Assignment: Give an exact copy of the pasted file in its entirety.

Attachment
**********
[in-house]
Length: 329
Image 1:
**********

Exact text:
[in-house]
Length: 329
Image 1: